Caterpillar Offers “Gloomiest” Outlook, Cuts Arizona Jobs

sun-corridorMarket Watch is reporting that Caterpillar is cutting jobs after offering one of the “gloomiest” outlooks this year. Caterpillar Inc., which just received a sweetheart deal to locate some of its executive staff to Tucson, is now cutting jobs across the board including some in southern Arizona.

Caterpillar said additional workforce reductions are expected in the second half of the year.

In February the company warned of cuts as part of a massive restructuring plan. In May, Pima County officials celebrated the relocation of the company.

On July 26, the company issued its Second-Quarter 2016 Results. In the statement the company advised investors:

World economic growth remains subdued and is not sufficient to drive improvement in most of the industries and markets we serve.

Commodity prices appear to have stabilized, but at low levels. Global uncertainty continues, and the recent Brexit outcome and the turmoil in Turkey add to risks, especially in Europe.

The outlook for 2016 that we provided with our first-quarter financial results in April expected sales and revenues in a range of $40 to $42 billion. At the midpoint of that range, profit was expected to be $3.00 per share, or $3.70 per share excluding restructuring costs. Over the past quarter, economic risks have persisted and, as a result, our current expectations for 2016 sales and revenues are closer to the bottom end of that outlook range.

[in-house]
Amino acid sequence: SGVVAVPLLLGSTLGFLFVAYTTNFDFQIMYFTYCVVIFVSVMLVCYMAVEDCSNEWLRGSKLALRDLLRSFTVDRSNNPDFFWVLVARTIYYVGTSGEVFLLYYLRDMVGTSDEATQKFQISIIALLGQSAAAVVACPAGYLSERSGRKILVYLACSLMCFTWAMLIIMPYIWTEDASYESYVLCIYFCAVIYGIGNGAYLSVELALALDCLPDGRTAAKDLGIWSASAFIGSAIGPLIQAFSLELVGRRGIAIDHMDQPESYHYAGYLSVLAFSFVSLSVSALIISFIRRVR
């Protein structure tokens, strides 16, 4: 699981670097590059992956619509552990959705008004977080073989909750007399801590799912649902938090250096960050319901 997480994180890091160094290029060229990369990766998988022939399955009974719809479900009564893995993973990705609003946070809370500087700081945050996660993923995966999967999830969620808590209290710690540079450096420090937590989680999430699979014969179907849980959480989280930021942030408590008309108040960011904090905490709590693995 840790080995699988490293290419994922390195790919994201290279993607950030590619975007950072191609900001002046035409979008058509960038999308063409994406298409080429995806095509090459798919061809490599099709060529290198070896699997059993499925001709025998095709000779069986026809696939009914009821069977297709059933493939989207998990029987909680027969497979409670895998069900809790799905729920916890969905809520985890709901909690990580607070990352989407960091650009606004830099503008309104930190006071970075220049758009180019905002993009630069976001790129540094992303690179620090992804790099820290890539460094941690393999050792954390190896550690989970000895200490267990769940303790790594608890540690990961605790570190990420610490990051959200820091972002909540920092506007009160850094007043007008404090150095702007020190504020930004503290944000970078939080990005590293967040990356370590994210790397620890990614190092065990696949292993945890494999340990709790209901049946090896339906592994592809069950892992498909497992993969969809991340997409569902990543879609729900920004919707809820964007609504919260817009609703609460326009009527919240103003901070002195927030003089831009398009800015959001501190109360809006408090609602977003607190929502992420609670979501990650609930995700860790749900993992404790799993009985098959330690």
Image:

Restructuring costs in 2016, which were expected to be about $550 million, are now forecast to be about $700 million, or about $0.80 per share. Additional workforce reductions expected in the second half of 2016 are the primary reason for the increase in restructuring costs. Sales and revenues for 2016 are expected to be in a range of $40.0 to $40.5 billion, and the profit outlook at the midpoint of the sales and revenues range is about $2.75 per share, or about $3.55 per share excluding restructuring costs. Our revised outlook for both sales and revenues and profit per share excluding restructuring costs is in line with the Thomson First Call analyst consensus.

On July 18, Sun Corridor, formerly known as TREO, claimed that Caterpillar was expected to hire 635 employees and its estimated it economic impacts to be “$1.9 billion over 10 years.”

Sun Corridor, which is funded primarily by Pima County has been desperate this election year to produce any results. As a result, while business interests and Supervisor Ally Miller questioned spending taxpayer dollars to subsidize Caterpillar’s relocation, the head of Sun Corridor, Joe Snell and the majority of County supervisors touted the sweetheart deal.

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